My old headmaster was, as they say, a character. Known as "Dogs", Mr Akers ran a boys’ comprehensive as if it were a grammar school, mortor boards and capes were de rigeur... and to say I didn't particularly enjoy my time there is a classic case of British understatement. Many are the stories told about Akers, and I had a chance to reminisce about them and learn some new ones this weekend.
Every Easter the school organised a sailing trip on the Norfolk Broads and chartered a fleet of rather charming traditional wooden Broads sailing boats. I went on this trip only once, with my chum Julian, a chap in the lower 6th who skippered (Paul) and teacher called Angela - I can’t remember her surname.
Some 30 years later, Paul, Julian and I met up at Hunter’s Boatyard (www.huntersyard.co.uk) in Ludham on Saturday morning. This time I had Ben my younger son (13), Julian his elder son Jeremy (7) and Paul's entire family (wife Zoe, William and Alastair - oh and the dog!).
Zoe drove their wee motorboat, Paul hopped around on all three boats that made up our modest flotilla. Julian, Ben, Jeremy and I loaded our gear into Wood Sorrel - just next to her was Wood Rose, the yacht I'd sailed on as a kid all those years ago! Astonishing to see here still working and in great condition. In the boatyard was a beautiful new boat taking shape - a Millennium project that's so far taken 5 years....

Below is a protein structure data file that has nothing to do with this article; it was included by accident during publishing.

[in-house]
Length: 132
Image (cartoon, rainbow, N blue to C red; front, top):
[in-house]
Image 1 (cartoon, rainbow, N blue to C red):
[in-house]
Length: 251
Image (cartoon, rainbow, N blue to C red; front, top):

And then we were away - a shove into calm water with the gaff and jib raised - gently drifting downstream in the sun. With no engine, and very light airs, it wasn't long before we were practicing the quaint art of quanting; all the boats come equipped with a vital piece of equipment for navigating the Broads called a quant pole. Almost as long as the boat, the quant pole is dropped vertically into the water as near to the bows as possible, then, shoving against the pole’s bulbous top, the shover (in this instance a handy 13 year old crew member) walks down the side deck to the aft deck - thus propelling the boat forwards. The pole is then plucked free of the sticky bottom and the exercise repeated and faint echoes of Akers shouting “Quant like a man, boy!” are heard among the reeds. Of course, the rules of the road changed as we had become a powered vessel, though this fine point was probably lost on all the Hoseasoners.
The first and major obstacles were the two low bridges at Potters Higham. The first is a classic stone built hump-back bridge with the central arch offering about 6ft of headroom - clearly not tall enough for a fully rigged sailing boat - unless the mast is dropped. So, a welcome break from the quanting as we tied up and did exactly that – the mast being hinged in a tabernacle and weighted at the base. The boys thought this was great fun, Julian and I recalled how we did this on the move last time, the fixing bar at the base of the mast wouldn't come out, we were approaching this bridge and a major disaster rather rapidly - then with a desperate heave out came the bar and down went the mast and whoosh - we shot through the short low tunnel, just in the nick of time!